Kahlil’s craving for solitude is a great growing thirst. Dinner parties are tasteless to Kahlil. He love people and if they could meet him, the real him … they would know how surpassing most love his is.
Kahlil’s letter, July 22, 1914, New York
I am in a silent, thinking mood, and there are many new strange things in my heart. I want to give them forms, but just now my hands are not working. I walk much in the woods.
Kahlil’s letter, January 28, 1915, New York
Perhaps our spring is not in this life, Mary. This life may be nothing but a winter.
Kahlil’s letter, March 14, 1915, New York
I walk in the park. I wander in lonely places until night falls… Walking alone with a notebook is the greatest joy I can find in this city. I think my thoughts and I talk to you… [I] talk to you about things which I cannot very well write.
Mary’s journal, April 10, 1915, New York
I didn’t want Kahlil to think I grieved because we aren’t married, or that I want to live with him – for I don’t – because he doesn’t want it.
Mary’s letter, April 18, 1915, New York
All week the past has been opening before me and I have remembered more of what I did and said – the outrages and the unkindnesses. And I so feel that I did not believe the few loving things you said, or hear the many you did not say; and how far from simply and tenderly I loved you. And I know somewhat how I hurt you and what I threw away and kept away from both of us. Seeing these things, I feared that I had harmed that which is between us, and had made it forever less than it might have been. That would be the hardest punishment I could have, for all eternity. I asked our Greater Selves if it were so – for a while I heard nothing. Then I saw with my eyes a mountain through the mists and I knew my fault had been not from the heart but because I was not yet at the heart. Our Life, yours and mine together, is the life of our Greater Hearts; and I do not affect it; but it by degrees affects me and will confirm me in time to itself, as it has already confirmed you. But I am sorry for all I spoiled, and for every pain I gave you – and sorry that sorrow cannot undo what I did.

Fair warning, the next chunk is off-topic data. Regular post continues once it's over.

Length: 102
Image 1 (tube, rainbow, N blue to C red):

Kahlil’s letter, May 23, 1915, New York
I have always thought, Mary, that a Revelation is simply the discovery of an element in us, in our larger self, the self that knows what we do not know, and feels that which it does not feel. And what we call growth is nothing but knowledge of that larger self.
Kahlil’s letter, July 17, 1915, New York
You and I and all those who are born with a hunger for Life, are not trying to touch the outer edges of other worlds by deep thinking and deeper feeling – our sole desire is to discover this world and to become one with its spirit. And the Spirit of this world, though ever changing and every growing, is the Absolute. The saints and sages of the past ages were … always one with Life.
Mary’s letter, mid-July, 1915, on a trip to the West
My soul treated you as an inferior – and I did not even rise, to do you honor. I have been in one long continued sin against you, Kahlil.
Mary’s letter, August 9, 1915, on a trip to the West